That’s as big a budget gap as President Biden’s “American Rescue Plan,” but after the tax cuts, there is little sign of inflation. More notably, the spending cuts come during a period of economic strength, which conventional wisdom says is economically unnecessary and more likely to be inflationary than spending during a slowdown. Even more confusing is that many of the same people who fear massive inflation also oppose Biden’s attempt to partially reverse Trump’s spending cut plan.
All of this suggests that any cross-country reserve currency, whether cryptocurrency or otherwise, could present a broader challenge. While there are legitimate concerns about inflation, deficit spending is an important tool for nation states to meet local political and social needs, especially to protect the most vulnerable members of society during a crisis. In the worst case scenario, the complete substitution of global currencies for national currencies would limit the fiscal discretion of a government to take such actions. This can be seen in the problems experienced by countries like Spain and Greece after they abandoned their own currencies in favor of the euro.
But for those countries that retain a viable national currency, a supranational reserve currency may be more of a moderating influence than a restriction, especially if it is acceptable to the general public. Now, if your own currency is being mismanaged, the main options are to find another country that is doing better, or to buy gold. However, a neutral, inflation-resistant reserve layer may be a better refuge. If it is easy to buy and hold (e.g., through a public blockchain), distrust of government fiscal policy will soon be punished by a decline in demand for the currency. At the same time, governments would still have the flexibility to issue debt denominated in their own currency when it is truly needed and supported by public sentiment.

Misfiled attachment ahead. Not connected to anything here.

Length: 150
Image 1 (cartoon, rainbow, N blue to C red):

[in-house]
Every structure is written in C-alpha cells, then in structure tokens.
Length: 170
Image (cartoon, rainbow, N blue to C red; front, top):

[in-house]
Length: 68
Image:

But it is hard to see a path that will not wreak havoc on the dollar and the United States as a whole. After all, add another $1.9 trillion in epidemic spending to the current government debt of more than $28 trillion. Druckenmiller said that if market confidence in the dollar wanes, leading to weaker global interest in holding U.S. Treasuries, rising interest rates could require one-third of the annual U.S. budget to go toward interest payments, which are now about 10 percent. That would be bad for everyone.
Posted by:CoinYuppie，Reprinted with attribution to:https://coinyuppie.com/what-stanley-druckenmillers-inflation-warning-means-for-the-cryptocurrency-industry/